A friend and colleague mentioned this book to me a week ago, and it sounds fascinating. As teachers, we consistently encourage kids to participate. What we really want to do is to encourage them to be engaged, but the line between the two is often blurred. In fact, we sometimes equate “vocal participation” with “engagement,” when they can be quite different things.
When a child is quiet in class, is she listening, attentive, spaced-out, asleep? Is he uncomfortable, bored, shy, or just taking it all in? Those are important questions to ask. I’m very curious about this book.
The real story of Captain Robert Scott’s legendary Antarctic quest, told by the man whom the Guinness Book of World Records has proclaimed “the world’s greatest living explorer,” Sir Ranulph Fiennes.
Almost exactly 100 years ago, two different groups of European explorers reached the South Pole. Roald Amundsen and his team were first, arriving in December of 1911. Robert Falcon Scott and his team got to the pole 33 days later, on January 17, 1912. Scott’s team did not make it back from the pole. They perished in a blizzard some time in late March of 1912. This book is about that expedition.
Fiennes questions some long-held assumptions about Scott’s leadership — many assumed he was incompetent, and there’s some evidence of disgruntled former expedition members swaying public opinion in that direction. The story is tragic, of course, but riveting. It’s remarkable what these men accomplished, in spite of staggering environmental conditions. A terrific read.
Found via brainpickings. I have a few friends that could use this. If I only knew about this book back in December…
"Lincoln is the cornerstone of Gore Vidal’s fictional American chronicle, which includes Burr, 1876, Washington, D.C., Empire, and Hollywood. It opens early on a frozen winter morning in 1861, when President-elect Abraham Lincoln slips into Washington, flanked by two bodyguards. The future president is in disguise, for there is talk of a plot to murder him. During the next four years there will be numerous plots to murder this man who has sworn to unite a disintegrating nation. Isolated in a ramshackle White House in the center of a proslavery city, Lincoln presides over a fragmenting government as Lee’s armies beat at the gates. In this profoundly moving novel, a work of epic proportions and intense human sympathy, Lincoln is observed by his loved ones and his rivals. The cast of characters is almost Dickensian: politicians, generals, White House aides, newspapermen, Northern and Southern conspirators, amiably evil bankers, and a wife slowly going mad. Vidal’s portrait of the president is at once intimate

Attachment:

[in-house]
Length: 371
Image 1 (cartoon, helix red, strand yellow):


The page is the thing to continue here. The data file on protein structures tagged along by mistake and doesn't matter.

and monumental, stark and complex, drawn with the wit, grace, and authority of one of the great historical novelists.
With a new Introduction by the author.” — Amazon
Although the current Spielberg-directed “Lincoln” is based on Doris Kearns Goodwin’s Book “Team of Rivals,” I thoroughly enjoyed reading through Vidal’s historical novel this past summer. It’s strange to read a novel where you know for sure how it’s all going to end, especially as you get closer and closer to the back cover, and closer to April 14. I’m looking forward to seeing Daniel-Day Lewis in the new movie next fall, as photos online show it seems he’s already inhabiting the character.
This is one of my favorite cookbooks from the last year (although actually published at the end of 2010). Aki and Alex bring a unique and innovative approach to cooking, working to rethink flavor combinations and technique in order to create some terrific dishes. Their book adds to the many recipes that they share from their blog, also called “Ideas in Food.”
Dishes like root beer braised short ribs, cold-smoked fried chicken, pressure cooker “micro stocks,” and brown butter ice cream are all really accessible. I’ve mostly used the section of the book for home cooks, but you can also learn a lot from the section for professionals, even if you’re not cooking with liquid nitrogen and using a vacuum sealer to cook dishes sous vide.
Found via brainpickings: